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For adherents vodou transcends religion as a Christian might define the word, says Demesmin. "It is a way of life, that is the best way of saying it. Vodou is not just a spiritual thing for the Haitian. Vodou is their spirituality, their way of surviving, their way of living, their way of being there for each other, their way of entertaining themselves sometimes. The peasant of Haiti doesn't have entertainment. They don't go to movies -- that is not made for them; the price they would have to pay is not the kind of money they are making."
In Florida she is something of a vodou counselor, giving marital and family advice to the faithful, helping heal headaches or other minor maladies with Haitian herbal remedies when possible. But for the big jobs, she returns to Haiti. "Certain treatments need the spirituality of the motherland, where the energy is connected to the land, where the leaves are. Certain treatment needs spring water from a certain river to have the energy of the water. I can do treatments in the sea, the simple things can be done here, but where spirituality is involved, it is important to go back."
There is also a lack of facilities here, she adds. While many vodou adherents may have small shrines in their homes, there are no proper hounfort, or vodou temples, in South Florida. In Haiti Demesmin leads colorful, multiday interdictions such as the one at a hounfort near Port-au-Prince caught on tape by a German documentary team.
A man in his thirties came to Demesmin suffering from "severe mental problems." His family had tried modern medicine with little luck, so a doctor suggested a vodou cure. (Such cross-specialty referrals are not uncommon in Haiti, says Demesmin.) In the videotape the patient whirls and writhes on the ground in apparent agony. He jerks when touched, and it sometimes takes two mambo to hold him down. He is either possessed by a spirit, or he is mentally ill. There is a distinction between the two, she notes, and vodou won't do much to help the man if the latter turns out to be the case.
Such cases are physically and spiritually treacherous, says Demesmin. "You are in as much danger as the patient. Working with the negative forces, you need to call on your own negative forces . If I got possessed, the next person could take over."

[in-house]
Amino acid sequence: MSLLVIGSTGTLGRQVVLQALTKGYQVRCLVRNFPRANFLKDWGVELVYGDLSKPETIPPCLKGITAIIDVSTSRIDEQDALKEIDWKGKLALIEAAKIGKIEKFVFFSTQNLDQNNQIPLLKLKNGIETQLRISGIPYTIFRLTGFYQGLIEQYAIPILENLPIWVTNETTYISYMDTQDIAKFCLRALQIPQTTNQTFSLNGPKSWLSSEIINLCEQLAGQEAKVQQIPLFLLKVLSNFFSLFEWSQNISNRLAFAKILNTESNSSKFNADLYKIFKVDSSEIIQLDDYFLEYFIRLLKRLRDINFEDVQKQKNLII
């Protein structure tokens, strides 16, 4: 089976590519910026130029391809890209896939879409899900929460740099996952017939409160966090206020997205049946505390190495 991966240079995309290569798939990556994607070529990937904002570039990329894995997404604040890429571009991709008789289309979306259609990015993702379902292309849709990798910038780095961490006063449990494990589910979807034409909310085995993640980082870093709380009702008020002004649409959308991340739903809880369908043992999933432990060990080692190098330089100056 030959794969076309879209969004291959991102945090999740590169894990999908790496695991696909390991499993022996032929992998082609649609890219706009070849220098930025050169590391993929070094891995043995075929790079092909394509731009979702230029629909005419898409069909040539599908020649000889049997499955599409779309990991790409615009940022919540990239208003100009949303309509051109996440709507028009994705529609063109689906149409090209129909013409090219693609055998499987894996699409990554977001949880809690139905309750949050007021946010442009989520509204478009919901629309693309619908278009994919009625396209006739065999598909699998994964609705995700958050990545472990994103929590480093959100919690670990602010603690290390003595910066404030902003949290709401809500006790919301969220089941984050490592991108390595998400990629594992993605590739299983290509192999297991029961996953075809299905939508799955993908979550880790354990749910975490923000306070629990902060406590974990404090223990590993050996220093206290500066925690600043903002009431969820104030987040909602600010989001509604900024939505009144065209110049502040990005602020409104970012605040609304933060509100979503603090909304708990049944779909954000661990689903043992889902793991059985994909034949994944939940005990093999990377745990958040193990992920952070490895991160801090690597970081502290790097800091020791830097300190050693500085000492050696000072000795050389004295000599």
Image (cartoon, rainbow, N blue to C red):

Before treatment can begin, the mambo must identify the lwa that has taken possession of the man. Her ciphering leads to the discovery that this unfortunate soul has been taken over by danti, ancient divinities so long dead that they are seldom seen or heard from. It's hard to communicate with these particular spirits because they don't speak or understand the Creole language Demesmin and other mambo speak. The course of treatment involves rubbing the man's body with herbs and oils, cleansing him in a bath, and sacrificing a chicken as an offering to thelwa in question. It's apparently successful. Calmed considerably, the man is taken from the main part of the hounfort to a small anteroom, where he is placed in the dark to avoid exposing his soul to the sun. Demesmin reports that the treatment was successful and the patient recovered fully.
In another ceremony Demesmin and a dozen or so dancers, most clad in white with bright red or blue scarves wrapped around their heads, pay homage to their ancestors by kneeling and kissing the poto mitan, a post ringed at its base by a wheel of flat-topped cement, where offerings of food and drink are placed for the divinities. Ceremonies revolve around the poto mitan, and most begin with a salute to it.
Later Demesmin and the other participants pluck a live chicken with their hands, kill it, and clean the insides with lime. The chicken is an offering to the gods, who, unlike those of other religions, need sustenance. Vodou belief holds that a well-fed lwa is a strong lwa, and a strong lwa is better able to provide assistance when called upon. The bird is fried in small jars the size of flowerpots to prepare a ceremonial dish called boule zen. The ceremony is performed to harness the power of the fire, and part of it involves adding balls of cornmeal to the boiling oil, then removing the balls with bare hands. "If someone is not capable of doing that, you don't have the power of the fire," she says.
Vodou is the soul of Haiti, and music is the soul of vodou. Vodou music is played primarily on drums made for specific occasions or ceremonies, with accompaniment on rattles, conch shells, and gongs. Mesmerizing rhythms that got their start in Africa and came to Haiti with the slave trade are the signature of the musical style.
Demesmin's music draws heavily on these rhythms. "The spirituality of my race, the mythology of my race, the instrument created by my race, which is the drum, you will find very sharp in each song that I sing."
Her first album, Carole Maroule was released in 1978, followed by Carole Min Rara in 1980, Carole Lawouze in 1987, and Kongayiti-Afrika in 1998. They are all self-released or on the Haitian label Marc Records, though her last effort was recorded both in Haiti and New York.